The worry is shared at the nearby Mayerthorpe Town Office. Inside, Mayor Kate Patrick, 70, is clear about her personal stakes in Gateway. She owns and farms seven quarters of land bisected by pipelines and can’t understand the Gateway kerfuffle. In her part of the world, five other pipelines are planned for the same right of way as Gateway – a new Alliance natural gas pipe, Pembina’s 24-inch Nipisi and 20-inch Mitsue pipes, and one natural gas pipe from Keyera Energy.
The big concern for Patrick is the oil currently coming through Mayerthorpe by rail. The tracks run right through the town, and trains cross two small trestle bridges. Patrick and the town council asked CN to come to Mayerthorpe earlier this spring and answer questions, which they did. “They assured us they’d reduce their speed to 10 miles per hour through the municipality,” Patrick says.
In February, before Gateway received federal approval, Patrick and the rest of Mayerthorpe’s town council issued a statement supporting the project. The document is highly personal, noting Patrick’s long positive relationship with Alliance Pipelines, 50 per cent owned by Enbridge. “I’ve seen pipelining up close, and I’ve come to view it as part of the solution to strengthening local economies, contributing to the job market, and helping pay for local services,” it reads.
Still, Patrick says the pipe is planned to route 3.5 kilometres outside the town’s corporate limits, meaning there will be no direct tax revenues. Instead, she says, Gateway would mean temporary and permanent jobs, and the diversification of the economy.
Just like in Bruderheim, the energy industry has played Zamboni politics in Mayerthorpe – donating to schools and hockey rinks. Does this make it hard to oppose their proposed projects? “No,” Patrick says. “They don’t give us the capital infrastructure money so much; they give us corporate donations. I think we’re just happy to work with these pipelines and they fit well within our communities.”
Prince George, B.C., 668 km northwest of Mayerthorpe
Photograph Joey Podlubny
The Prince George Chamber of Commerce is staffed exclusively by women. It’s proof that Christy Ray, the chamber’s CEO, is on to something when she says northern B.C. offers opportunities that aren’t readily available elsewhere.
Ray, 38, is originally from Smithers, though has lived all over the country. Despite the movement, she says her stakes in the Gateway project are personal. “I’m raising my family here and intend to have a very long history in Prince George,” Ray says. “What I would like to see is new industry and economic development [come] into the region, balanced with environmental safety and respect for aboriginal issues. I think it’s a really common attitude.”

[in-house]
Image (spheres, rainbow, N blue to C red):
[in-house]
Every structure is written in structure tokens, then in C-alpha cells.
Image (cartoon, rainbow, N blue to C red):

Prince George sits over the Rocky Mountains from Mayerthorpe. It’s the largest community on the B.C. side that’s close to the proposed Gateway route. Still, unlike Bruderheim or Mayerthorpe, the pipe will be relatively far from Prince George, meaning any potential spill won’t directly affect the town.
Prince George is a key battleground for Enbridge. It’s a resource town filled with people who’ve moved here from elsewhere, who are supportive of the project. But it’s also home to a strong contingent of aboriginal groups and environmentalists dead set against the pipeline.
Most of B.C. is untreatied territory. As a result, Enbridge has invested more resources in winning support here – the Aboriginal Benefits Package offers First Nations 10 per cent ownership in the project, working out to about a quarter million dollars per year per community over 30 years. As a result of dozens of open houses, Enbridge redesigned the pipe itself, increasing its wall thickness to respond to concerns. And recently, the company opened a community engagement office right downtown.
The efforts are meaningless to Vincent Prince. Prince, 51, is from the Nak’azdli First Nation, north of Prince George. He bucks any potential anti-business aboriginal stereotype. In the late 1990s, after stints as a construction worker and teacher, he founded the Aboriginal Business and Community Development Centre. As director, Prince works with small aboriginal companies to cash in on the resource development in the region, helping them register on contractor databases and incorporate their businesses to become more attractive to industry.
“I understand the economic component of [Gateway] – I’m right in the middle of it,” Prince says. “I help aboriginal people start businesses, run businesses, expand businesses. I do it day in, day out.” But, he continues, “I really don’t understand the large support, and even the marginal support of the Gateway pipeline. The short-term benefits are just not worth the risk. They [First Nations] get the same benefits by supporting the LNG pipelines coming through.”